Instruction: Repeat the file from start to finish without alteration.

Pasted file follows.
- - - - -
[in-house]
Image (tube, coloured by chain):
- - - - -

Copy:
[in-house]
Image (tube, coloured by chain):